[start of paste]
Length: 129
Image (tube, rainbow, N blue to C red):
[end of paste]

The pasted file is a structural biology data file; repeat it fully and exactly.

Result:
Length: 129
Image (tube, rainbow, N blue to C red):